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Joe Street

songwriter and falsetto and tenor vocalist, was born Edward James Kendrick to Jonny and Lee Bell Kendrick in Union Springs, Alabama. Aged seven, Kendricks moved to Birmingham, and in 1955, with friends and singing partners Paul Williams (baritone) and Kell Osborne, formed a doo-wop group, the Cavaliers. In 1956, the group moved to Cleveland, Ohio. After moving to Detroit and changing their name to the Primes in 1957 or 1958, they lost Osborne but gained Otis Williams (baritone and tenor), Melvin Franklin (bass), and Elbridge Bryant. Through frequent performances at local dances and singing battles, the Primes soon developed a popular following on the Detroit circuit. A 1960 single, “Oh Mother, Oh Mine,” on the Motown affiliate Miracle, sank without a trace. Bryant departed soon after, to be replaced by David Ruffin tenor which also precipitated a name change with the Primes becoming ...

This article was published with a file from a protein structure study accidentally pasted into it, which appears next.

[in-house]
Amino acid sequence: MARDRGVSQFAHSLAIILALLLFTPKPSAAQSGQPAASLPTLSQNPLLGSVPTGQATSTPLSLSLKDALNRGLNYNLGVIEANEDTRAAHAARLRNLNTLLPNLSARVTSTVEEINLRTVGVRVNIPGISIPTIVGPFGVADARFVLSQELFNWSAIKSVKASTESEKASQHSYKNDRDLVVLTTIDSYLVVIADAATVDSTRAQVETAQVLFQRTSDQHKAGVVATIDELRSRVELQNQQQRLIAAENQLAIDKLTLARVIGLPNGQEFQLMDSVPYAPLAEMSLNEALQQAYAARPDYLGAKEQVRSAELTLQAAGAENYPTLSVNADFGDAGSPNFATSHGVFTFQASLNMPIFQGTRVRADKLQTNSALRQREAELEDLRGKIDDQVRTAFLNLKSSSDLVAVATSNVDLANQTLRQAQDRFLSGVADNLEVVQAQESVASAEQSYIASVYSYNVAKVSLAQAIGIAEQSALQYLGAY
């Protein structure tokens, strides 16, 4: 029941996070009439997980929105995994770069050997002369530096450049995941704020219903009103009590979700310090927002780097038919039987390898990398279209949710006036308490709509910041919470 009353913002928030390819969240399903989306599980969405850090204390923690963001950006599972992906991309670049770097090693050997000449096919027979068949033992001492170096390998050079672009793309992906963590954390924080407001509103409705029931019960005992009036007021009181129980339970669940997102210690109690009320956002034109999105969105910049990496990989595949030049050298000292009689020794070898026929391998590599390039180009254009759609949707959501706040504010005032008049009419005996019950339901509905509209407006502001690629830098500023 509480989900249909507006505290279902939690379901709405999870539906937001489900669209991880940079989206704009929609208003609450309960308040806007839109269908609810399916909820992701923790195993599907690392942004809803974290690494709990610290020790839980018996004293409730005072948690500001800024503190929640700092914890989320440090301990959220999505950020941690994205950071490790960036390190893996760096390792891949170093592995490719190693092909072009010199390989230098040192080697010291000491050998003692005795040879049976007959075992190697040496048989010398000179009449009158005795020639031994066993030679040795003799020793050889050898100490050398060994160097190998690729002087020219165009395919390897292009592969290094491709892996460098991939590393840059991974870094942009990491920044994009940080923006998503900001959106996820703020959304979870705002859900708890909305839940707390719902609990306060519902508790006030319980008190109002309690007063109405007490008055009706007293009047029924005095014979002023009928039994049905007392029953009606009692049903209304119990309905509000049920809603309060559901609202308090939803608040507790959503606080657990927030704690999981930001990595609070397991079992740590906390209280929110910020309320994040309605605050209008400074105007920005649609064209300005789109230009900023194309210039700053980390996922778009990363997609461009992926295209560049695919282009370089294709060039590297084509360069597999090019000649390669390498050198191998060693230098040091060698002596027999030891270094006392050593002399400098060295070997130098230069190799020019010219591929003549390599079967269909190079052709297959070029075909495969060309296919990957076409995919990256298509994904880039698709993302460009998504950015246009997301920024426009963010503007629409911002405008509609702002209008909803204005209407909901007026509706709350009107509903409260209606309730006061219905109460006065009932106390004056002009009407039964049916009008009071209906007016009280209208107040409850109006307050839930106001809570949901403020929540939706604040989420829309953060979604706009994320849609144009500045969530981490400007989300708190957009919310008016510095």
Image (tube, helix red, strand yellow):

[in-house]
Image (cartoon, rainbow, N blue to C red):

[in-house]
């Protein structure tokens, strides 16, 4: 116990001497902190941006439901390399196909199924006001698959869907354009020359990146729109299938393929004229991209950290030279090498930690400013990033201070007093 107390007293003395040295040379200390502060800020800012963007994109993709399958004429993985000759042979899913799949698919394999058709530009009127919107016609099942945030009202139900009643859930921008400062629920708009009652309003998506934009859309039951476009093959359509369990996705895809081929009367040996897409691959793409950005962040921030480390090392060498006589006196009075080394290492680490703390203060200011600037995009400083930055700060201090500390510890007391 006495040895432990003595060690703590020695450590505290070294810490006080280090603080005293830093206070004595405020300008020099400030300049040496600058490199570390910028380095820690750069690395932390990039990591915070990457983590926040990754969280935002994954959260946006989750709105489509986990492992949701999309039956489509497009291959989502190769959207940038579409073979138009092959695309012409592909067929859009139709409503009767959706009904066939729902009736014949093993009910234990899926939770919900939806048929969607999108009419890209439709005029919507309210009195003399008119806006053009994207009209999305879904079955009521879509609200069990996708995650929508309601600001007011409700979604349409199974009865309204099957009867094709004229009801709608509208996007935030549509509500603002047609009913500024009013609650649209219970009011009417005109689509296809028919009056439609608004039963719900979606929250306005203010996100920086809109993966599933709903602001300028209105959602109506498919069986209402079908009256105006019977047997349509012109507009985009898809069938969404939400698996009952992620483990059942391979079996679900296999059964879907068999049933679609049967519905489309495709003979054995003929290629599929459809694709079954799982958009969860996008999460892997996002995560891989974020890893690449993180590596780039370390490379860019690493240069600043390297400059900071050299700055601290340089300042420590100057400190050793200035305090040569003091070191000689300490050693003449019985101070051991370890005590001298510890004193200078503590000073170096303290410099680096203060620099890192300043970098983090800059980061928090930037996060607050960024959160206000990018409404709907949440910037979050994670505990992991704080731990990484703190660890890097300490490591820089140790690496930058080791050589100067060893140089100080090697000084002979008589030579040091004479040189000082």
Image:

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Rob Bowman

(b Detroit, Feb 19, 1940). American soul singer, songwriter and producer. While at school in the mid-1950s he founded the vocal group the Miracles with Bobby Rogers, Ronnie White, Warren ‘Pete’ Moore and Claudette Rogers. Loosely modelled on the Platters, they achieved little success until Robinson met Berry Gordy. Gordy was impressed with Robinson’s talent and began recording and producing the Miracles and tutoring Robinson in the art of songwriting. However, the group received little support from End and Chess Records, to which they had leased their Gordy-produced singles, and in 1959 Gordy inaugurated the Tamla label and signed the Miracles. Shop Around which was co written by Gordy and Robinson and featured the latter s lead falsetto provided the label with its first hit the following year The group achieved a total of 39 hits in the American pop and rhythm and blues ...